Tan France – the show’s fashion guru – admits in the opening minutes that he’s “never met a trans person before.” First of all, I highly doubt that’s true. Tan’s remark suggests that you must know a person is trans when you meet them, right? Not right. Many trans and gender nonconforming folks move through the world and pass as cis men or cis women, and regardless of passing, there is no one way to look or be trans. I can bet Tan, as well as any cis person, has likely met a trans person before without knowing it. We don’t all introduce ourselves as trans when we meet you. But the episode piggybacks off that comment to build up to an emotional heart-to-heart between Skyler and Tan. The sequence does give Skyler a chance to tell his story in his own words – the episode is at its best when the Fab 5 halt their chatter to let Skyler talk – but that gets hijacked by Tan’s eye-opening moment. He admits Skyler’s video is what helped him finally understand trans people. Good for Tan and all, but a trans person shouldn’t have to invite cameras into the operating room to help cis people “get it.”
It’s no wonder so many other media outlets have been praising Skyler’s Queer Eye episode as “important” and “inspiring.” Yeah, sure, it is in many ways, and I am genuinely happy to that many cis viewers will walk away with a little more awareness and knowledge. But the thing is, this episode isn’t really about Skyler; it’s about using Skyler and his experience as an educational tool to correct the ignorance across the Fab 5 and the show’s non-trans audience.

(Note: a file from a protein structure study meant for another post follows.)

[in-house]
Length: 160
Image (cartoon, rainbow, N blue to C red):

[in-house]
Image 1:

There’s an uncomfortable, though unsaid, exchange going on within the episode: essentially that the Fab 5 will makeover Skyler’s life in exchange for some basic trans education. It’s as if they’re saying, “We’ll help you look stylish – according to our cis standards of fashion – and give you an updated home – according to our regulations of how a queer man’s home should look (no rainbow flags allowed!) – and in exchange please enlighten us about trans stuff and why, for God’s sake, you’d subject yourself to surgery!”
Sure, the new and improved Queer Eye is much more about learning from each other and engaging in thoughtful (if surface-level) conversations about identity and politics, while also having some cute makeover fun. That’s what makes the rebooted series a little heartier than the original, and this episode, despite it faults, is certainly an improvement on the horrible 2006 episode featuring a trans man. (I documented the worst moments of that episode on Twitter; take a look if you dare.) However, it’s not Skyler or any trans person’s job to educate others about his experience, or to have to explain his reasons for surgery. He signed up for a home and wardrobe makeover and to learn how to cut an avocado like every other Queer Eye participant; why didn’t he get the same treatment?
This episode mucks up some other things as well. While the Fab 5 may be well intentioned, the language they use only further marginalizes Skyler and the trans community. For one, they continually separate the “T” from LGBTQ to suggest that trans people may not also identity as gay, lesbian, bisexual, or queer. Whenever Karamo Brown, the show’s culture expert, addresses the camera he continually says “we” when talking about non-trans people. “The decision that is made is going to effect Skyler in ways that we take for granted every single day,” Karamo says of Skyler’s second attempt at getting his gender marker changed on his license. “All he wants is to experience the same life that we all experience,” he says. Who is this “we” you’re speaking of Karamo, because it certainly doesn’t include me and the rest of the trans and GNC community. Simply replacing “we” with the words “cis” or “cisgender” in the episode would’ve made a massive difference, and would’ve removed the implication that there’s an “us” and a “them.” Instead it only other-izes Skyler and presents trans people as outsiders.